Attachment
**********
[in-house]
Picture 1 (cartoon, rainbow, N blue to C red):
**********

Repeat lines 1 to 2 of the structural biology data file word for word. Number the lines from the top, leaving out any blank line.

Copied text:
[in-house]
Picture 1 (cartoon, rainbow, N blue to C red):